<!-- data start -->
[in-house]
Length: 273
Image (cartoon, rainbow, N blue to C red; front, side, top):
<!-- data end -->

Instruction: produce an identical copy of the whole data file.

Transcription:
[in-house]
Length: 273
Image (cartoon, rainbow, N blue to C red; front, side, top):